3 MIN. DE LECTURA
(Adds in first sentence that decision was divided, adds economic details)
By Helen Murphy and Nelson Bocanegra
BOGOTA, July 31 (Reuters) - Colombia's central bank held the benchmark lending rate at 4.5 percent for the 11th straight month on Friday to help bolster economic growth, although the decision was divided as some policymakers sought an increase to tackle accelerating inflation.
The meeting of the seven-member board comes as growth expectations for Latin America's fourth-largest economy have been curbed by falling oil revenue, and a weakened peso that is beginning to put pressure consumer prices. Some members called for a 25 basis-point rate hike.
The bank revised down its estimate for economic growth this year to 2.8 percent from 3.2 percent and said the depreciating peso currency would probably mean inflation ends the year at between 4 percent and 5 percent, higher than the target range of 2 to 4 percent.
"Inflation remains above the upper limit of the target range and domestic spending in the economy continues to adjust to the lower dynamics of national income," said bank chief Jose Dario Uribe, reading the board's policy statement.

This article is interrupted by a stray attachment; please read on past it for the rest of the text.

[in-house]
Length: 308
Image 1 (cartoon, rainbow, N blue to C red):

"It can be expected that temporary shocks in prices will reverse toward inflation expectations that are anchored to the target. However, the recent depreciation of the peso could delay the convergence of inflation to the target."
The bank said the continued devaluation in the currency has slowed the decline in inflation toward reaching 3 percent, the "most desired" midpoint of the target range. Inflation for the 12 months through June was 4.42 percent.
The interest rate decision met expectations of all analysts in a Reuters survey earlier this week.
The peso has been devalued by 54 percent over the last year, a decline analysts say is beginning to affect consumer prices and therefore the bank's ability to bolster the economy.
"The monetary policy dilemma is very clear, and it's becoming more complex for the bank to decide on the interest rate and other policies such as the exchange rate," said Camilo Perez, chief economist at Banco de Bogota.
At 4.5 percent, the interest rate remains above that of Mexico, Chile and Peru but below Brazil's.
Expectations that rate increases in the United States are imminent as its economy shows signs of renewed pep will be a key consideration for monetary policy in Colombia and other emerging markets in coming months.
Rate increases in the United States would make its bonds a more attractive investment and could draw money out of Colombia. (Editing by Lisa Shumaker and Matthew Lewis)